- Each week, two of our readers debate a hot topic in a showdown that does not necessarily reflect their personal viewpoints
- This time, they discuss whether a universal testing drive would be effective in fighting the local outbreak
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For: Teresa Kwok, 17, South Island School
Chief Executive Carrie Lam Cheng Yuet-ngor announced earlier this month that mass Covid-19 testing was not the government’s priority at the moment. Instead, she emphasised that the focus of her administration’s pandemic strategy would now be on reducing deaths and severe cases.
While Lam said universal testing was still in the cards, its exact timing would depend on the city’s epidemic situation. It is a shift from the government’s past approach.
Meanwhile, the outbreak is still quite serious in Hong Kong. Thousands of coronavirus infections are being reported daily, and many people are dying.
A lot of elderly people and young children are still not vaccinated. So they have a higher chance of getting infected and falling seriously ill. Mass testing can help protect them by cutting community transmission. It can also help identify positive cases and relieve the burden on Hong Kong’s public health system.
Some have earlier argued that a lack of quarantine and treatment facilities will render the exercise ineffective if conducted in the middle of a wave.
But the central government has promised its full support for Hong Kong. It has offered to build temporary hospitals and isolation facilities here and to send medical professionals from the mainland to help the city tackle its daily infections.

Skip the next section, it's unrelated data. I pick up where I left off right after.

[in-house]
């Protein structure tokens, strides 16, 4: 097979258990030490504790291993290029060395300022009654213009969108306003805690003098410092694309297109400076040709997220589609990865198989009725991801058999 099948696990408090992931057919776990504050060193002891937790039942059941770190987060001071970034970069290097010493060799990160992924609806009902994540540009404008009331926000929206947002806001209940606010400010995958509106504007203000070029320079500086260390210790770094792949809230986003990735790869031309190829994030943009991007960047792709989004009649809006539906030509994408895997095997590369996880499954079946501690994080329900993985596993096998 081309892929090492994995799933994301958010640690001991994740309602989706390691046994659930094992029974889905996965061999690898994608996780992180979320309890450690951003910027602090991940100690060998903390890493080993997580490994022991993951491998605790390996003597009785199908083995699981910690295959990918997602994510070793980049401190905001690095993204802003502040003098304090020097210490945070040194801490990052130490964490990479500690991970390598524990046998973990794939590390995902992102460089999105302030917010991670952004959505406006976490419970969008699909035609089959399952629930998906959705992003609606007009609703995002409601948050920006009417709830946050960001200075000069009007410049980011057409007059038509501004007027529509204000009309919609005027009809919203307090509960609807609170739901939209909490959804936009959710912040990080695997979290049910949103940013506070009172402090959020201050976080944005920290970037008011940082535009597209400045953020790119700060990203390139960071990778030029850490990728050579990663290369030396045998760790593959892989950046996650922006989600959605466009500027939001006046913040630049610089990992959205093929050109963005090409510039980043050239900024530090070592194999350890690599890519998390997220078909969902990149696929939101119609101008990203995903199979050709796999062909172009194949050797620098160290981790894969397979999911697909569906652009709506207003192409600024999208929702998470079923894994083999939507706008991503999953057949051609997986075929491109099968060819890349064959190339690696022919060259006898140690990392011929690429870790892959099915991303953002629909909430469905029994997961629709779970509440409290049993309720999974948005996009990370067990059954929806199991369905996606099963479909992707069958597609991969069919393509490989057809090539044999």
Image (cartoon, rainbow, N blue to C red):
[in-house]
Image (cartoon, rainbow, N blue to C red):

Currently, the government suggests that individuals who test positive for Covid-19 should isolate themselves at home. However, that doesn’t work in Hong Kong where the flats are tiny. This can harm people’s mental health and infect others. Thus, it is better for people to be isolated in government facilities under a testing drive.
There are also reports of asymptomatic patients eating out and being active in the community. This shows that they are irresponsible and have little regard for others.
The only way to avoid people spreading Covid-19 is to do mass compulsory testing which can save lives. Such an approach can help the city win the war against this epidemic and return to our normal lives once again.
Against: Clarisse Poon, 12, St. Paul’s Co-educational College
To understand whether citywide testing is useful, we should first ask: what is the purpose of this scheme? Is it aimed at breaking transmission chains and helping Hong Kong achieve a zero-Covid goal? To isolate the infected? Or to reduce the death rate?
Unfortunately, mass testing does not achieve any of the above objectives, especially when we are in the middle of our worst-ever coronavirus outbreak.
Universal testing can only be effective if it is backed up by rigorous tracking and monitoring systems. Mainland China uses mass surveillance tools, such as CCTV cameras, to monitor quarantined people and track the spread of the coronavirus. Digital health codes on people’s phones store users’ travel history and identify their exposure risk to Covid-19 patients.
Such methods cannot be implemented in Hong Kong because rights groups say they are an infringement of privacy. As for our Leave Home Safe app, its usefulness depends on users’ self-discipline. It cannot force them to seek medical help and report symptoms truthfully.
Mass testing during the early stages of an outbreak is useful in identifying clusters and isolating cases. Take Shenzhen, for example. The city of 17 million people was put under lockdown last week, after it reported 66 new Covid-19 cases in a day. This was followed by three rounds of citywide testing.
On the other hand, Hong Kong is still in its fifth wave of Covid-19, recording thousands of cases every day.
Therefore, mass testing would be meaningless, since we do not have sufficient isolation facilities or manpower to deal with those who test positive. As many experts have said, the best time to do this is not when a city has thousands of cases every day, but when it has dozens of cases.
The fast-spreading Omicron outbreak has swamped Hong Kong’s hospitals and morgues. Pouring resources into mass testing at a time when the city holds the world’s worst death rate for Covid-19 does not help alleviate the crisis.
The government’s main objective should be to reduce the number of deaths and serious cases, which requires the full deployment of its manpower and resources.